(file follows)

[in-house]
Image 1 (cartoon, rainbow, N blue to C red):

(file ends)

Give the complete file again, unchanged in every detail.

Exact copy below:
[in-house]
Image 1 (cartoon, rainbow, N blue to C red):